UBC grad Ryan Beil returns to his old stomping grounds for the stage adaptation of German writer Johann Wolfgang von Goethe’s novel The Sorrows of Young Werther, Oct. 17 to 20 at the Frederic Wood. Since leaving the hallowed halls of post-secondary education, Beil has become the golden boy of Vancouver’s theatre scene, whether it’s Bard on the Beach, comedy with improv troupe The Sunday Service, hardscrabble Mamet plays for gritty Main Street Theatre or one-man tours de force such as Billy Bishop Goes to War, for which he snagged a Jessie Award. And then there are his A&W commercials. Beil took time from his busy schedule to discuss his fast food gig, his upcoming role in David Sedaris’s Santaland Diaries and strange encounters with fans.
1. I’m going to get all the A&W-related questions out of the way right off the bat. Think of it as an appetizer. How many A&W commercials have you made and do you receive any free A&W food?
Seven or eight [commercials]. I think eight technically, but only seven have aired. No free food. Except for craft services on set. Which is routinely delicious.
2. Do ever set foot in A&W or do you try to avoid it?
I find my way into one every now and then. Mostly on road trips. In small town B.C. A&W’s rule the roost. Every time I think: “Here we go. I’m gonna get mobbed...” and every time no one recognizes me. Go figure.
3. Do you get recognized more for your A&W work than your theatre work?
You know it’s funny. For every couple of people who talk to me about A&W there’s one who brings up Bard on the Beach or Main Street Theatre. Or maybe the ratio is more like 5:1. Of course more people know me as “The A&W Guy” than “The Guy Who Played Touchstone,” but I’m totally OK with that. I’m grateful for it all.
4. What’s your strangest encounter with someone who’s recognized you
for your A&W ads?
One time somebody wanted to take my picture but they only had their camcorder so they asked if they could take a short video of me. I just stood there quietly and they filmed me. I sort of realized in the moment how strange it was. I mean... what are they gonna do with a five-second video of me standing silently in the airport?
5. What’s it like returning to UBC?
I love UBC. I’ve been back as a professional to the ol’ Alma Mater before and it’s always great. I feel fortunate that even though I was such an obnoxious theatre student they don’t seem to mind having me back.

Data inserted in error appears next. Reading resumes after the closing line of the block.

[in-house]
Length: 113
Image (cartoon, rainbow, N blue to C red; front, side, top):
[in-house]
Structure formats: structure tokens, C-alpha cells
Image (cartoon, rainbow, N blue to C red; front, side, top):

6. In as brief and sexy a way possible, what can you tell readers about The Sorrows of Young Werther and your role in it?
It’s an adaptation of the Goethe novel of the same name. I play Werther, the title and only character in the piece. He’s a young man who moves to the country, falls hopelessly in love with someone he can’t be with and then descends into a deep and relentless (yet sexy) depression.
7. There is a lot of variety in your acting roles—comedy, improv, drama, Shakespeare. Do you find one more difficult or requires more focus?
Nah. I approach them all with the same energy. Variety is what I love best about my career. I’ve never had the longest attention span.
8. What role are you most proud of your performance?
I’d have to say when I played “Teach” in Mamet’s American Buffalo a few years back. That character personifies evil. It’s not a part people would immediately peg me for. It was cool to stretch.
9. Does Vancouver fulfill all your acting needs or do you anticipate a time when you’ll move somewhere else with more acting opportunities?
Nah. I love Vancouver. I wear it as a badge of honour that I was born and raised and now work here. I want to keep Vancouver as my base. There may be times when I have to travel to work, but I think I’ll always come back here. It’s important to me.
10. What’s next for you?
I’m doing [David Sedaris’s] The Santaland Diaries at the Arts Club. It’s another one-man show but one based a little more in the comedy realm. I play a grown man playing an elf.
For more information on The Sorrows of Young Werther, go to theatre.ubc.ca.